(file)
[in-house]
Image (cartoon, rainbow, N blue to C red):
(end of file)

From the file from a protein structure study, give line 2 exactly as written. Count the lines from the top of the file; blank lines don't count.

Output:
Image (cartoon, rainbow, N blue to C red):